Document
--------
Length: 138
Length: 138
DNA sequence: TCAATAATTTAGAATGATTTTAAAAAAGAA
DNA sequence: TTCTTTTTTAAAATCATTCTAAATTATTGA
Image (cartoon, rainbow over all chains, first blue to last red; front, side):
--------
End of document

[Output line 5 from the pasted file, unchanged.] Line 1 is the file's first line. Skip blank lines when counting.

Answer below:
Image (cartoon, rainbow over all chains, first blue to last red; front, side):